A safe, but misleading, prediction about global warming

Reuters’s, on 3 January, had this headline, “2008 to be in top 10 warmest years say forecasters.”

A quote:

2008 will be slightly cooler than recent years globally but will still be among the top 10 warmest years on record since 1850 and should not be seen as a sign global warming was on the wane, British forecasters said.

Where to start? First, the anemic forecast. Suppose the global mean temperature is, as predicted by several models, increasing, though this increase is subject to fluctuation from year to year, such that for one or two years the temperature might actually decrease, but in the long run, the temperature will still increase. Call this scenario the increasing temperature climate. It is important to emphasize that the increasing climate schema is consistent with both a significant man-made component and with the change being due to external causes. Now suppose, as has also been proposed, that the global mean temperature instead followed this cartoon, depicting a cyclically-changing climate:

Global mean temperature cartoon

This cartoon (and those based on other potential climate scenarios) is also consistent with either man-made climate changes or with the changes being due to external causes. It is just that, in this picture, the man-made component is harder to quantify. This is because of the trivial truth that man must influence the climate (see this), and that this influence will either be trivial or significant.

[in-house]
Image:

So it is a tautology to say that either man-made global warming is significant or it is not. One of those conditions must be true. It is also observed that the global mean temperature is correlated from year to year, so it is a fact that the temperature is somewhat constrained, in the sense that we will see little change from year to year, no matter whether mad-made global warming is significant or not, and regardless whether a general increasing or a cyclic climate holds.

Lastly, it is also the case that the global mean temperature has been increasing since the late 1990s until 2006. In 2007, the temperature decreased.

So the prediction that “2008 will be in the 10 ten warmest years” has an overwhelming probability of being true regardless whether man-made global warming is significant or not, and regardless whether an increasing or cyclic climate holds. That is, no matter what, this prediction is probably true, and it is useless as its intent was to give indirect evidence that the increasing climate scenario holds and that the man-made component of global warming is significant. It does neither such thing. Presenting this prediction as news is a clever debating tactic, but it is misleading, because the alternatives are not presented, even though the forecast is just as much evidence for them.

“‘The fact that 2008 is forecast to be cooler than any of the last seven years does not mean that global warming has gone away,’ said Phil Jones, director of climate research at UEA.” Jones is right, partially. But he forgot to say, “That fact the 2008 is forecast to be cooler than any of the last seven years also means that it might true that the climate is cyclic and that man has no real influence on it.”

This forecast is not additional evidence that an increasing climate or that man-made global warming holds.

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